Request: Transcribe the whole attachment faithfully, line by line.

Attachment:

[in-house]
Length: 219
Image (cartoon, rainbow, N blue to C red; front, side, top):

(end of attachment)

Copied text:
[in-house]
Length: 219
Image (cartoon, rainbow, N blue to C red; front, side, top):